People often emphasize the scientific aspects of apologetics, and that is important (or we would not employ so many Ph.D. scientists!). However, what Peter has in mind here, and what our foundation has to be, is knowing the Bible’s teaching such that we’re able to answer from Scripture when people ask us questions about what we believe. Sometimes science will be an important part of our answer, but the foundation always ultimately has to go back to what the Bible teaches. This is why stronger criticism may be appropriate for those who profess to have a high view of Scripture, yet undermine it by deferring to the man-made interpretations of secular science that are so clearly contrary to the Bible.

A couple of recent examples

Often, CMI comments in areas of popular culture like movies and books because such things tend to drive popular opinion on a range of issues. And Christians often get very excited when something of a Christian nature is going to appear on the big screen. Recently, we critiqued a well-publicized Christian movie. It unfairly caricatured Muslims, atheists and other non-Christian positions, and it also used theistic evolutionary arguments to try to support a Christian creation position. We attempted to review the movie in a loving tone because we presumed that the producers were simply ignorant of the wealth of creation information that could have helped them. A few thought that it was wrong to criticize a ‘Christian’ movie no matter how incorrect it was, and that the good in it might outweigh the bad and lead people to Christ anyway. However, this ‘end justifies the means’ approach falls somewhat short on integrity. That is, we are being asked to turn a ‘blind eye’ when Christians attempt to use false information to reach people with the Gospel—particularly when it opposes everything our ministry stands for—biblical creation. There is no precedent in Scripture for Christ doing this, and as Christians, we are actually commanded to do the opposite.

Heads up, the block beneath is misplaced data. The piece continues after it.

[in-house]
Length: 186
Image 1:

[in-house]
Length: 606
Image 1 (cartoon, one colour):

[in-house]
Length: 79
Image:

Then when we reviewed a secular Hollywood movie (although it had a biblical theme, it was made by an atheist director), we received a handful of comments saying we were too soft in our review. However, the review actually had some strong criticisms. We called it unbiblical, said it had very few elements of the true story or the Gospel in it, and had few redeeming features for Christians to have any satisfaction from it. Some thought we were not critical enough because, unlike other leaders and ministries, we did not use inflammatory language to condemn it. As we said in the review, ‘What does one expect from Hollywood?’ The real problem was the unrealistic expectations Christians had for a secular movie.